ID

Infection Transmission During Air Travel

May 7, 2014

By Aaron Smith, MD

Peer Reviewed

It’s become a familiar site to travelers: airline passengers wearing respiratory masks to filter pathogens from the cabin air. To those not wearing masks, the fashion trend can be discomfiting. Are the mask-wearers paranoid or prudent? What is the probability of contracting an illness on an airplane? And how unique is the aircraft environment when it comes to disease transmission?

It is clear that due to lower air exchange rates and decreased sunlight, enclosed spaces such as buildings and transport vehicles are more susceptible to the transmission of infectious particles than are the outdoors.[1] Aircraft cabins are particularly worrisome due to high occupant densities and long exposure times. Well-documented outbreaks of tuberculosis, influenza, severe acute respiratory syndrome (SARS), and norovirus are alleged to have occurred during air travel.[2][3][4][5] All of these diseases are transmitted via either large droplets or aerosolization.[6]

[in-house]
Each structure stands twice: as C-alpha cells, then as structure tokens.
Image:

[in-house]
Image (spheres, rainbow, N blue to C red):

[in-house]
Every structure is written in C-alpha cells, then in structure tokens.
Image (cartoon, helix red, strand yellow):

Large droplet transmission is a form of contact transmission in which contaminated large droplets (>5 units of measurement), generated when an infected person sneezes, coughs, or talks, are propelled short distances (<1m) and deposited on a susceptible host’s conjunctiva or mucosa. Aerosolization, or airborne transmission, occurs when residual large droplets evaporate to <5 units of measurement in size. These droplets are then dispersed widely and remain suspended in the air indefinitely. Other modes of disease transmission include common vehicle transmission (food- and water-spread illnesses) and vector-borne transmission (via insects). All of these forms of transmission can occur during air travel, but the large droplet and airborne mechanisms probably represent the greatest risk to passengers.[6]